Calvin Vaags was up front in saying the decision to host a “media” event Jan. 26 at the Plains Processors facility near Carman was about credibility.
After three years of planning, lining up finances and preparation, he wanted people to see for themselves that the earth has started to move to make way for the planned $13-million expansion to the small, provincial plant he purchased in 2008.
Vaags is bucking convention with his bid to reinstate Manitoba as an exporter of beef, not just cattle.
In its heyday, Manitoba slaughtered more than 500,000 head of cattle a year, peaking in 1976 when 581,000 head were processed through plants in Winnipeg and Brandon. Those plants started to close in 1979 and the province’s federally inspected slaughter capacity shrunk by 97 per cent over the next 20 years.
There were a lot of things going on during that time, both politically and economically, to push those meat factories into obscurity. The Alberta government was subsidizing the establishment of the livestock-feeding industry through its so-called Crow Offset program. The Manitoba government couldn’t or wouldn’t pay them to stay, so the packing industry followed the cattle west.
The grain business was booming, causing some producers to work up their pastures and sell off the cows. With grain prices going through the roof and no end in sight, who needs the aggravation of checking calving cows during those cold, dark winter nights?
The Manitoba plants were older and small by world standards and didn’t make the cut in the rapidly consolidating beef business. Canadian production costs were considered uncompetitive, especially when stacked up against the U.S. meat packers. Manitoba workers were unionized and well paid, while larger U.S. plants could use non-unionized labour, much of it living in the U.S. illegally with no rights.
The prevailing idea in the meat-packing business back then, and still now, is to go big or go home.
What did the Nilsson Bros. do with their XL packing plant in Brooks when their high-volume, high-speed packing plant ran into quality control problems? They turned it over to JBS, an even bigger player to root out the E. coli mess and get the plant’s production lines back on the sanitary tracks. Four major packers process about 4,000 head a day and account for nearly 90 per cent of Canada’s federally inspected beef processing.
With competition like that, it might be easy to pooh-pooh the prospects for an upstart Manitoba company shooting for world class — without the world scale. At 1,000 head a week, one-quarter of what its competitors can do in a day, the Plains Processors plant will have its work cut out for it if it tries to go head to head with its “competition” in the commodity beef business.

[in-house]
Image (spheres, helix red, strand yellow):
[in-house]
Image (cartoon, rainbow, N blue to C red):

As well, cattle producers collectively haven’t been big boosters of locally owned processing. Despite a closed U.S. border and disastrous cow prices after BSE in 2003, Manitoba producers wouldn’t commit enough animals to the Ranchers Choice Beef co-op, which wanted to build a plant at Dauphin.
But a smaller-scale plant also has some advantages, such as the ability to handle multiple species. It has long been recognized that federally inspected slaughter capacity is one of the biggest gaps holding back further development facing the province’s sheep and goat industries.
Federal inspection doesn’t just give Plains Processors the ability to ship offshore. It also means its products can vie for space in the major grocery chain retailers locally. The major grocers buy through distribution centres, which only buy from federal plants.
A freight advantage is cited as a major advantage for the Plains Processors proposal. A MAFRI study in 2004 assessing the opportunity for local meat processors suggested a 50,000-head per year facility could break even at 26,000 head. But it noted that in the years prior to BSE, export markets for live cattle frequently paid enough to compensate for the cost of freight and then some. Will this plant be able to draw in the numbers it needs?
The 2004 report also cited the potential for skilled labour shortages, a concern that hasn’t disappeared as evidenced by the growing reliance of manufacturers in the province on imported labour. Will this rurally based operation be able to find enough workers?
Despite the challenges, it’s clear that Vaags and his colleagues know how to market beef and run a processing plant, and they’ve done their homework. It would also be nice to be able to buy Manitoba beef that hasn’t gone to Alberta for processing first. Here’s hoping they succeed.